New York police will adjust security plans for the traditional New Year’s Eve celebrations attended by hundreds of thousands of revelers in Times Square after a botched suicide bombing in a subway tunnel beneath the famous district, the city’s counter terrorism chief said on Tuesday. The New York Police Department will conduct both an immediate and an in-depth review of Monday’s incident for lessons on how to deal with this type of attack, said John Miller, deputy commissioner for intelligence and counter terrorism. “This is the first time I believe that we have seen an individual with a suicide bomb in mass transit and actually have that bomb function. So we’re going to take a hard look at it,” Miller told Reuters in an interview.
The New Year’s security plan will also consider other attacks such as the Las Vegas sniper shooting on Oct. 1 that killed 58 people and wounded more than 500, Miller said. On Tuesday, a 27-year-old Bangladeshi man was charged in federal court with terrorism crimes for detonating a pipe bomb in a pedestrian tunnel beneath Times Square. Chemicals inside the pipe bomb ignited, but the pipe itself did not explode, officials said, limiting injuries to the suspect and three bystanders. As a result, New Yorkers will see an increased police presence around mass transit and places where people gather, Miller said. He did not elaborate on the specific measures.
In the short term, that will mean more heavily armed and specially trained police officers in the streets, in addition to more police dogs, bag screenings and checkpoints, said Kevin Harrington, a former NYPD chief in the detective bureau who is now chief operating officer of the private firm MG Security Services. “You’ll see bigger guns and a significant increase in officers who are highly trained to use those weapons,” Harrington said.
After the attacks of Sept. 11, 2001, the NYPD created what security experts consider are the world’s most robust intelligence and counterterrorism units among municipal police forces, examining every politically motivated attack on civilians across the globe to improve New York’s defenses. The NYPD cooperates with foreign police to share intelligence and tactics, embedding its own officers in 13 police forces around the world. The system is put to the test every Dec. 31 in Times Square at the party to ring in the new year, requiring one of the most complex security operations that Harrington calls the NYPD’s Super Bowl.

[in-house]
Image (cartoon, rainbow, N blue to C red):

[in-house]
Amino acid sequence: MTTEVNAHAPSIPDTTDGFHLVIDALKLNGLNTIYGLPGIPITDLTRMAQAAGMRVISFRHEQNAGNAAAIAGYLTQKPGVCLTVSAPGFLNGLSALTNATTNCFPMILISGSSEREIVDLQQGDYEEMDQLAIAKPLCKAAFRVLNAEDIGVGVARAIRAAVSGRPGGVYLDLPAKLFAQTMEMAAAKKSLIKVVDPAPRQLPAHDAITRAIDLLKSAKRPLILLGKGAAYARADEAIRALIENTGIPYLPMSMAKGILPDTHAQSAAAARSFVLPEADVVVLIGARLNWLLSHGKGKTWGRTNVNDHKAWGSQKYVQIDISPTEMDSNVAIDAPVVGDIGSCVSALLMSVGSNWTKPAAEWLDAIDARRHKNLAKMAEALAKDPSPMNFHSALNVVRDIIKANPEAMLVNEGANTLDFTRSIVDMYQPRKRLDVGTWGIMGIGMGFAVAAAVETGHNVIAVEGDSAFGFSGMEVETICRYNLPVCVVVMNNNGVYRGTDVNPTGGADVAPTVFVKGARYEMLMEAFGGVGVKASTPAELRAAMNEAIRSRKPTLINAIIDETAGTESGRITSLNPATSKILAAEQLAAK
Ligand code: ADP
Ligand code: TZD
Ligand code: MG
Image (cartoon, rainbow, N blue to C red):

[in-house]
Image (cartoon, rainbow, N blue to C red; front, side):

“The security plan for that is going to take in a number of factors, including the sniper factor from Las Vegas,” Miller said. “The suicide bomb factor has been a part of the screening there for many years.” In the Las Vegas shooting, a 64-year-old American named Stephen Paddock opened fire on a music festival from his 32nd-floor hotel room. Investigators have yet to assign a motive to Paddock, who killed himself in the hotel room.
Times Square is surrounded by tall buildings with similar vantage points over the crowd. Police already work closely with the internal security teams at office towers in Times Square, some of which increased the security presence in the lobbies of their buildings after Monday’s attack.